Wednesday, December 26, 2007

The Morality of Taxes

Yesterday’s New York Times had a must-read article on the work of Susan Pace Hamill, a Biblical scholar and tax professor at the University of Alabama Law School. For those of us who have long been perplexed at the bizarre alliance between the Religious Right and the Grover Norquist anti-tax crowd, this article is vindication of sorts:
Professor Hamill asserted that 18 states seriously violate biblical principles in the way they tax and spend. She calls Alabama, Florida, Louisiana, Nevada, South Dakota, Texas “the sinful six” because they require the poor to pay a much larger share of their income than the rich while doing little to help the poor improve their lot.

The worst violator, in her view, is her own state of Alabama, which taxes its poor more than twice as heavily as its rich, while holding a tight rein on education spending.

The poorest fifth of Alabama families, with incomes under $13,000, pay state and local taxes that take almost 11 cents out of each dollar. The richest 1 percent, who make $229,000 or more, pay less than 4 cents out of each dollar they earn, according to Citizens for Tax Justice, an advocacy group whose numbers are generally considered trustworthy even by many of its opponents.

I have never understood how the righteous Christians of the GOP have been able to walk hand in hand with the Americans For Tax Reform crowd and not felt the tiniest tweak of conscience. It’s always struck me as terribly hypocritical to claim to be a Christian following the commands of Jesus Christ while completely ignoring what the Bible says about taking care of the poor. And yet, Gary Bauer and Tony Perkins have no problem making room in their Values Voters club for the rabidly anti-tax Club For Growth. It makes no sense.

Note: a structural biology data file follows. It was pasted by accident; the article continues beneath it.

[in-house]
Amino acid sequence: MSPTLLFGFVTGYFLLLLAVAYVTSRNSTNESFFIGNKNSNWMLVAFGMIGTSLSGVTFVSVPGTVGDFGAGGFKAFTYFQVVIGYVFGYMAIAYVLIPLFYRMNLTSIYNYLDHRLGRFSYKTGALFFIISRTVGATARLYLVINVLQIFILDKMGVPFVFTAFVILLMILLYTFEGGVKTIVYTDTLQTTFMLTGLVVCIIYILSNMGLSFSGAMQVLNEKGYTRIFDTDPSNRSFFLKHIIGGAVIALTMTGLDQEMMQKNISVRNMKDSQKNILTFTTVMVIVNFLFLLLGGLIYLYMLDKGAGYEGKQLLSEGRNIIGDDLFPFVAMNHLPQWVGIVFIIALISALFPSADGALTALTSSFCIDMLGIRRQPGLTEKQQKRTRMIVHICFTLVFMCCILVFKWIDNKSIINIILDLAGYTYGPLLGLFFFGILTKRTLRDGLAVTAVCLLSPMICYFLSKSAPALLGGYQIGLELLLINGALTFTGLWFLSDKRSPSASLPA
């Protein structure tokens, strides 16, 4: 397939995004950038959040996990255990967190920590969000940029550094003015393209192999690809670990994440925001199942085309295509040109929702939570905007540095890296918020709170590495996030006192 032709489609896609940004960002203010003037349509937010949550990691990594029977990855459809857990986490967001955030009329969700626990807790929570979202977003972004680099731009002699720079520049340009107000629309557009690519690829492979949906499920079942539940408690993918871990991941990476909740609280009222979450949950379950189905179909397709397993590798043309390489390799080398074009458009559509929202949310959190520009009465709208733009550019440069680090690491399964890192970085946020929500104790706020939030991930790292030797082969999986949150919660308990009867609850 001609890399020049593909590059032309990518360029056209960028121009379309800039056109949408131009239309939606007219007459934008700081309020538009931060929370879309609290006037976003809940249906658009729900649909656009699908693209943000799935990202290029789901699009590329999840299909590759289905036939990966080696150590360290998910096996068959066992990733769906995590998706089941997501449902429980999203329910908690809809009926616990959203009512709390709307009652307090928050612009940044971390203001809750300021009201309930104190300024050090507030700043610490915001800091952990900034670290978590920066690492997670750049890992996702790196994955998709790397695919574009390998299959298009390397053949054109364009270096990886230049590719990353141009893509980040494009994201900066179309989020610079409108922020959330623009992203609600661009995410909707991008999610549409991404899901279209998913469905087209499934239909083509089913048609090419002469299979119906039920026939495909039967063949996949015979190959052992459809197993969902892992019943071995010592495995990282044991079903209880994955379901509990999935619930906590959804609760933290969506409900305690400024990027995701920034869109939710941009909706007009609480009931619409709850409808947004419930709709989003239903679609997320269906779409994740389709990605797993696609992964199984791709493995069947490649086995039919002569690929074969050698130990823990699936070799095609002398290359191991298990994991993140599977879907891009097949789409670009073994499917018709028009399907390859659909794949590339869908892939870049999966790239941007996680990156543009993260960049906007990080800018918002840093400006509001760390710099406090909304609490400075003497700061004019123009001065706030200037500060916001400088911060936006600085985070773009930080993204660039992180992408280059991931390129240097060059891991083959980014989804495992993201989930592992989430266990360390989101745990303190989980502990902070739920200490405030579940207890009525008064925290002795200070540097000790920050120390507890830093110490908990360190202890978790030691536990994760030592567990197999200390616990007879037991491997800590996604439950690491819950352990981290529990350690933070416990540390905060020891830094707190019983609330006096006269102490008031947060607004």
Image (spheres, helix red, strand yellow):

The basic Christian ethic is this: help your neighbor. That’s it. We may disagree on how that ethic becomes public policy, but we should at least agree on that basic point.

This is where taxation comes in. For people of faith, a more equitable tax structure that asks the wealthy and corporations to contribute more fairly and create revenue for social programs is Biblical. Not this feel-good, conscience easing "tough love" taxation of the Reagan and Bush years. The poor should not pay 11 cents on every dollar while the rich pay just four cents. That is immoral and un-Christian.

Says Professor Hamill:

“The Bible commands that the law promote justice because human beings are not good enough to promote justice individually on their own,” she said. “To assume that voluntary charity will raise enough revenues to meet this standard is to deny the sin of greed.”

Ah yes, “human beings are not good enough” should be a concept familiar to most evangelicals. Perhaps you are more familiar with the concept phrased thusly: “we are all sinners.”

If you listen to the Righteous Righties and President Bush, we are supposedly a “Christian nation” founded on “Biblical principles.” If you believe that, then you need to kick Grover Norquist and Pat Toomey to the curb, repeal the Bush tax cuts for the wealthy, raise taxes on corporations and invest that revenue in social programs that benefit the poor. That is Christian public policy, not this phony IGMY (I Got Mine Y’all) policy we’ve seen in the Bush years.